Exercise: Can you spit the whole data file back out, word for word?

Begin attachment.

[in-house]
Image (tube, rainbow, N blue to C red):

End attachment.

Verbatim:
[in-house]
Image (tube, rainbow, N blue to C red):